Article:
The second amendment is from Melanie and me, originally drafted in 2019, to create the position of Society Archivist. Due to an error or oversight no longer in anyone’s memory, this was not voted on in 2019. I would appreciate your vote now, particularly since we have already filled the position and Carole Shaffer-Koros has already located items of interest related to EWS history. This full proposal is also attached.


Please use this link to vote by Sunday, February 7, end of the day (wherever you are):
https://www.surveymonkey.com/r/28JZDSX

Please let me know if you have any questions. Best wishes to all. Hopefully we see some light at the end of COVID, but I know hard times are still here for many.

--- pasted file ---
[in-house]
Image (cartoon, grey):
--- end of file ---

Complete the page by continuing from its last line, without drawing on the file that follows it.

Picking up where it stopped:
Best,

Jennifer

Dr. Jennifer Haytock

President, Edith Wharton Society

EWS Officers, 2021-2023

A complete list of officers from previous years is available under Membership – Officers and Executive Board

2021-23

President: Jennifer Haytock,  jhaytock@brockport.eduSUNY Brockport

Immediate Past President: Melanie Dawsonmvdaws@wm.edu  William & Mary

Vice President: Myrto Drizoumyrto.drizou@boun.edu.trBoğaziçi University

Secretary: Jay Jessee, mjjessee@uab.edu  University of Alabama at Birmingham

Treasurer: Sharon Kim, skim@judsonu.edu Judson University

Editor of the Edith Wharton Review: Paul Ohler,paul.ohler@kpu.caKwantlen Polytechnic University

Webmaster: Donna Campbell, campbelld@wsu.edu Washington State University(Ex Officio)

Membership Committee: Chair Sheila Liming, sliming@champlain.edu Champlain College 

EWS Archivist: Carole Shaffer-Koros, https://edithwhartonsociety.wordpress.com/membership/about/ews-archives/